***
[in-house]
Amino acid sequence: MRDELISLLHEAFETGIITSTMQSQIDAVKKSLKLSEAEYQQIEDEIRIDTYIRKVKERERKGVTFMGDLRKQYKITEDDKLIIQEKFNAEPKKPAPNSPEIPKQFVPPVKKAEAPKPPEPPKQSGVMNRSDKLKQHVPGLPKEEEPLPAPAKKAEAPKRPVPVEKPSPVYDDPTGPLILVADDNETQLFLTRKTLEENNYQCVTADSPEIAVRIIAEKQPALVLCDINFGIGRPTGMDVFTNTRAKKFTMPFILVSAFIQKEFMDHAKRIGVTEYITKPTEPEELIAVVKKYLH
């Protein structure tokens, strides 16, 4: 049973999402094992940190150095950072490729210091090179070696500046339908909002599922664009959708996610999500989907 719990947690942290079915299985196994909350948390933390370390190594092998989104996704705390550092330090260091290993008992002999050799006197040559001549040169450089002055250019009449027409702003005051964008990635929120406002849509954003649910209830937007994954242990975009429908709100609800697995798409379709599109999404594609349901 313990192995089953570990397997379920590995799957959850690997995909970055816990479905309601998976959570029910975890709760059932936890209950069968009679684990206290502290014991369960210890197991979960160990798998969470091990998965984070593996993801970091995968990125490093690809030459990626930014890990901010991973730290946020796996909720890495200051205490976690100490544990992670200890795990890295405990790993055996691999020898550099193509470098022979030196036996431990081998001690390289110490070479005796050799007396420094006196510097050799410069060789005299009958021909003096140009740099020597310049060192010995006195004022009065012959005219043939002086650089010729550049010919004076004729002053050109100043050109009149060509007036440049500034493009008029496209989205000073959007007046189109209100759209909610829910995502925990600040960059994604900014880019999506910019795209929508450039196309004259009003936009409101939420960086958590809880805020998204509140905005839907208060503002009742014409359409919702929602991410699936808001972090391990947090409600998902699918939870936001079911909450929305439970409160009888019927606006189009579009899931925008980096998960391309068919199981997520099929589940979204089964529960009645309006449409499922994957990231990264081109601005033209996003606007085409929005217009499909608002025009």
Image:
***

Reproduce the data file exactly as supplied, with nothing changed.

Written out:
[in-house]
Amino acid sequence: MRDELISLLHEAFETGIITSTMQSQIDAVKKSLKLSEAEYQQIEDEIRIDTYIRKVKERERKGVTFMGDLRKQYKITEDDKLIIQEKFNAEPKKPAPNSPEIPKQFVPPVKKAEAPKPPEPPKQSGVMNRSDKLKQHVPGLPKEEEPLPAPAKKAEAPKRPVPVEKPSPVYDDPTGPLILVADDNETQLFLTRKTLEENNYQCVTADSPEIAVRIIAEKQPALVLCDINFGIGRPTGMDVFTNTRAKKFTMPFILVSAFIQKEFMDHAKRIGVTEYITKPTEPEELIAVVKKYLH
């Protein structure tokens, strides 16, 4: 049973999402094992940190150095950072490729210091090179070696500046339908909002599922664009959708996610999500989907 719990947690942290079915299985196994909350948390933390370390190594092998989104996704705390550092330090260091290993008992002999050799006197040559001549040169450089002055250019009449027409702003005051964008990635929120406002849509954003649910209830937007994954242990975009429908709100609800697995798409379709599109999404594609349901 313990192995089953570990397997379920590995799957959850690997995909970055816990479905309601998976959570029910975890709760059932936890209950069968009679684990206290502290014991369960210890197991979960160990798998969470091990998965984070593996993801970091995968990125490093690809030459990626930014890990901010991973730290946020796996909720890495200051205490976690100490544990992670200890795990890295405990790993055996691999020898550099193509470098022979030196036996431990081998001690390289110490070479005796050799007396420094006196510097050799410069060789005299009958021909003096140009740099020597310049060192010995006195004022009065012959005219043939002086650089010729550049010919004076004729002053050109100043050109009149060509007036440049500034493009008029496209989205000073959007007046189109209100759209909610829910995502925990600040960059994604900014880019999506910019795209929508450039196309004259009003936009409101939420960086958590809880805020998204509140905005839907208060503002009742014409359409919702929602991410699936808001972090391990947090409600998902699918939870936001079911909450929305439970409160009888019927606006189009579009899931925008980096998960391309068919199981997520099929589940979204089964529960009645309006449409499922994957990231990264081109601005033209996003606007085409929005217009499909608002025009």
Image: